In December 2009, the Universal Postal Union (UPU) obtained exclusive rights to the “.post” top-level domain for the postal community from the Internet Corporation for Assigned Names and Numbers.
The .post domain joins existing prominent top level domains (such as .com, .edu, and .org), along with recent additions (such as .museum, .biz, and .aero.) The .post domain is intended to provide a secure space for members of the postal community to develop and deploy digital products and services.
The .post domain is expected to be available for use by private postal operators, regulators, suppliers, vendors, trade unions, and trade associations.
By linking well-established national networks, the UPU hopes .post will allow postal operators and customers to reap the benefits of a global physical/digital network that permits postal service providers and end users to connect quickly and securely to other end users around the world.
The .post domain could be an appropriate platform for a variety of services. Common suggestions include: a global track and trace system linking the existing systems of the posts; the creation of an accessible database holding a universal and global addressing system; and a feature allowing consumers to decide whether to have an item delivered to a physical address or an electronic address.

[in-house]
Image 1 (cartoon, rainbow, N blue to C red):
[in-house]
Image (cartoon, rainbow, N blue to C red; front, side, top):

One approach, at the core of the OIG Risk Analysis Research Center’s (RARC) digital strategy paper, Expanding the Postal Platform, would be to give every postal customer an e-mail address and digital ID. The .post top level domain could be a platform to support implementation of this strategy.
The development of the .post top level domain raises a number of interesting questions:
• Should the U.S. Postal Service use .post as a platform for offering digital services?
• What are the advantages and disadvantages of using the .post domain, rather than .com or .gov?
• Are there potential applications for .post that the postal media has not addressed?
• Would .post improve the Postal Service brand by helping differentiate the Postal Service from other services in the digital space?
• Does the choice of domain name affect the quality of service provided or the effectiveness of marketing such services?
Let us know what you think!
This blog is hosted by the OIG’s Risk Analysis Research Center.